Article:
The difficult economics of the Indian farmer
Anybody who is dismissive of the wave of farmer protests across the country should first understand the difficult everyday economics of the Indian agriculturalist. Most farmers swim in a turbulent sea of risks against which they have almost no protection.
The risks begin with sowing. The production in the months ahead is deeply dependent on weather conditions. It is not just about the extremes of drought or flooding. Even a round of unseasonal rain can destroy standing crop. Irrigation can offer some respite—but not to the extent of completely removing production risks.
Then comes the price risk. A bumper crop can pull down prices in wholesale markets. Price spikes after a poor crop are inevitably dealt with through cheap imports in a bid to protect consumers. The opposite is done less frequently. The bountiful rains of 2016 resulted in record farm output. Prices crashed. Farmers are reported to have not been able to even recover the cost for some crops. The prospects of a good monsoon pushed up rural wages. The reality of rock bottom prices then destroyed profit margins. Also, economists at HSBC showed in a recent report that the fall in inflation has increased the real debt burden of farmers, which has risen faster than real income in recent years.
The opportunities for risk mitigation are minimal. Successive governments have taken steps to reduce the risk faced by farmers. The entire paraphernalia of minimum support prices (MSPs) was originally conceived as a way to mitigate risk through guaranteed prices. It later degenerated into a tool to buy the political support of large farmers. The Narendra Modi government in 2016 launched the Pradhan Mantri Fasal Bima Yojana, a potential game changer. However, as reported by this newspaper, farmers who suffered losses in the last financial year have not yet received compensation for 55% of the estimated claims under the scheme. Crop insurance will not benefit farmers as desired if the compensation is not paid in time, as they will need the money for sowing in the next season. The government would do well to remove inefficiencies in the system.
A more robust mechanism is needed to mitigate the price risk. The lack of future prices means that farmers base their production decisions on prices at the time of sowing. Their price expectations are thus adaptive rather than forward-looking. The standard cobweb model in microeconomics helps us understand why production decisions based on limited information lead to wild swings in prices every year. Tomatoes are the most recent example.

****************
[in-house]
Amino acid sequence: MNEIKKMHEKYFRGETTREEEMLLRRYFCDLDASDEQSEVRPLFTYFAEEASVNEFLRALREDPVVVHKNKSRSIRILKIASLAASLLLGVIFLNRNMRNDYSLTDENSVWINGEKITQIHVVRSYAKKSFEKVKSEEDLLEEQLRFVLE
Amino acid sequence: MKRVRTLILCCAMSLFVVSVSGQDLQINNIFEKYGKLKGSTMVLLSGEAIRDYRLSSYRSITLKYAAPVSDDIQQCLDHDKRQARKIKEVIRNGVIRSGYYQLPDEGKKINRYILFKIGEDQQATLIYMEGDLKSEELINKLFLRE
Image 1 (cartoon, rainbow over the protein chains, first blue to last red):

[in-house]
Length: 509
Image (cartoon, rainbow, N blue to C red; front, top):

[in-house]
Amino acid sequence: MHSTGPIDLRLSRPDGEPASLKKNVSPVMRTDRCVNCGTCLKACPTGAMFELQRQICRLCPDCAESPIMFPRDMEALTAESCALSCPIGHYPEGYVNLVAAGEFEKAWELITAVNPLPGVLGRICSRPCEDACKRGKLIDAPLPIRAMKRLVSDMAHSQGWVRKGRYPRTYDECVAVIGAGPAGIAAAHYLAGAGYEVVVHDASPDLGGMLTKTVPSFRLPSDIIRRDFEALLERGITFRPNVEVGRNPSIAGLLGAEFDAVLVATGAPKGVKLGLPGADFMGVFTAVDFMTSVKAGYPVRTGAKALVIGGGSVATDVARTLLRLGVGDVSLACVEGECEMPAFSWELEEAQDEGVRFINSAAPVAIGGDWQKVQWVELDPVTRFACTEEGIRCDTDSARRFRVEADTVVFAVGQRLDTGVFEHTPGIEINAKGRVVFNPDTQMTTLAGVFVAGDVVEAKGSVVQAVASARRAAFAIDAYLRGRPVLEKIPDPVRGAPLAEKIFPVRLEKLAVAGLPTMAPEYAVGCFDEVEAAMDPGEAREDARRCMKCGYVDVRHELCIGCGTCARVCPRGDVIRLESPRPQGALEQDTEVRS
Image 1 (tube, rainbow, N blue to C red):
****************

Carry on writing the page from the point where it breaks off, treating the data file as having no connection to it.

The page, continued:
In 2016, the government encouraged farmers to produce pulses because of rising prices, part of the protein inflation that the Reserve Bank of India used to be obsessed with. The farmers responded. Record output led to a price crash. Market prices went below the support prices.
One way to reduce price risk is through price deficiency payment, which has been advocated by NITI Aayog. In price deficiency payment, farmers can be compensated through direct benefit transfer if prices fall below a predetermined threshold level. For this, farmers may be asked to register with relevant details at the nearest mandi. A deeper derivative market in agricultural commodities will also help farmers in hedging against price risks. The market regulator has done well by allowing option contracts. However, the government should avoid its Pavlovian response of banning trading whenever prices rise.
There are other issues as well. For example, gross margin in the MSP recommendations by the Commission for Agricultural Costs and Prices looks higher on the basis of “actual paid out cost plus imputed value of family labour”, which does not account for forgone interest and rental for owned capital and land. Once these are included under the “comprehensive cost including imputed rent and interest on owned land and capital”, returns sometimes turn negative. Also, the price mechanism is suppressed. Ad hoc policies often don’t allow farmers to take advantage of export opportunities. Shweta Saini and Ashok Gulati in a recent study, Price Distortions In Indian Agriculture, showed that domestic prices for 15 commodities between 2004-05 and 2013-14 were below export parity prices on an average 72% of the time. The study notes: “In most years, for the majority of agri-products, the policymakers used restrictive export policies to keep domestic prices low. This showed the pro-consumer bias in the policy complex.”
Protecting consumer interest in general is the right thing to do for any government. However, in areas where markets don’t function freely, it needs to strike a balance between the interests of both the producer and the consumer. The actual impact of higher remunerative farm prices can be contained by making markets more efficient and removing middlemen from the system. Building a common agriculture market is also necessary.
Farming is a very risky affair. Government policy should focus not just on higher production but also on helping farmers manage risks.
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